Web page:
Gas is known to be far more accurate while cooking as it allows you to control the flame very precisely when compared with a maximum of 8 heat settings offered by a conventional electric stove. This is why the majority of professional kitchens in restaurants and hotels are equipped with gas appliances instead of electric ones.
With a gas stove there is also immediate heat instead of having to wait a few minutes for the electric plate to heat up. This reduces cooking time and allows you to serve your meal to a more exact timetable. They are becoming more and more attractive each year as well and are becoming a focal point in super modern designer kitchens. If done correctly it may even increase the value of your home as many people know they can be real advantage while cooking and a talking point when entertaining.
There is no real advantage to having an electric stove except that at this stage it is still a bit cheaper. However considering Eskom’s prediction that electricity will triple in price within the next decade maybe we should start considering alternatives before gas stoves become even more costly as the demand for them increases.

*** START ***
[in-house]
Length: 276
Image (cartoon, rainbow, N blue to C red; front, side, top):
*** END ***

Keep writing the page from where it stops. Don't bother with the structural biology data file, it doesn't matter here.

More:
I should also mention that alot of us have a real fear of bringing a super flammable explosive element into our homes. While there are rare occasions when their gas supply does explode there are many safety measures put in place to prevent this. Just like your geyser and electric wiring, proper maintenance should prevent any accidental fires or explosions. Most people drive their car for a longer period of time each day than what they spend cooking. A car contains litres and litres of flammable liquid that is constantly making little explosions but we are so used to driving them that we think little about what is going on underneath.
Give us your view on the subject.
Yes2Property.com would also like to thank all it’s readers for all their support and we would like to announce that this is our 200th article to date. We hope you will join us for at least the next 200.